There is no greater tyranny than government taking a person’s liberty without the criminal process being a “fair fight.”

Malcolm Jenkins

Public defenders are the nation’s firewall that protects the indigent accused from the “machinery of law enforcement.” But who should appoint the person to run public defense in Louisiana?

As a Players Coalition co-founder and former Saints player, I care deeply about ensuring that Louisiana’s criminal justice system is fair and just. I believe that we are all one choice or allegation away from finding ourselves involvedy in the criminal justice system. And an independent public defense system is critical to protecting the constitutional rights of both the innocent and of those who made a poor choice. 

The U.S. Supreme Court has time and again determined that the state has a constitutional obligation to respect the professional independence of public defenders. Observing that “a defense lawyer best serves the public not by acting on the State’s behalf or in concert with it, but rather by advancing the undivided interests of the client,” the court concluded that a “public defender is not amenable to administrative direction in the same sense as other state employees.”

In 2007, the Louisiana legislature successfully met the constitutional objective of independence by creating the Louisiana Public Defender Board (LPDB). For now, LPDB remains an 11-member board appointed by all three branches of government, and this independent board chooses the person to run public defense in Louisiana.

That changed on Thursday, when Gov. Jeff Landry signed Senate Bill 8, which passed passed both chambers during last month’s second special legislative session.

Senate Bill 8, now Act No. 22, undercuts independence by transferring the power to regulate and fund public defender services from the board to a new Office of the State Public Defender and giving only the governor – not an independent board – the power to hand-pick the State Public Defender to run Louisiana’s public defense system. While the senate and the board must confirm the Governor’s nominee, they cannot conduct the rigorous national search that Louisianans deserve. And the board has no power to remove the state public defender — even if they become incapacitated or engage in malfeasance.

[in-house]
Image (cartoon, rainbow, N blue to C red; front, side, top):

Regardless of whether one thinks this governor will not exert undue political pressure on the public defender he appoints, what is to ensure that the next governor, or the one after that, will do the same? What ensures that the next governor won’t cut the public defense budget because it is not politically palatable to fund public defenders or refuse to renew a chief district defender’s contract, simply because the governor asked them to? If we were discussing the federal defense system, would conservatives be fine giving President Joe Biden the tyrannical power to control how well or poorly people are defended against charges brought by the U.S. Department of Justice?

Louisiana has significant indigent defense problems, but LPDB has not been one.

Louisiana, unlike any other state, relies extensively on traffic tickets fines to fund public defense. This places law-enforcement officers in an untenable position. For example, a Louisiana sheriff may determine it is in the community’s best interest to focus the sheriff’s resources on preventing the spread of fentanyl. That decision to shift police personnel from traffic to drug enforcement may be a sound public safety decision, but re-dedication of such police resources would result in both a decrease in public-defense funding and an increase in the need for public defenders. Putting law enforcement in this position simply makes no sense.

During the regular session, which ends in June, Louisiana legislators should reinstate an independent board that is empowered to establish and enforce the indigent-defense policies necessary to protect Louisianans’ constitutional rights. Then they should get serious about joining the majority of states that solely fund public defense through a general fund appropriation.

Malcolm Jenkins is a co-founder of the Players Coalition co-founder and the 2017 winner of the NFLPA Byron “Whizzer” White Award.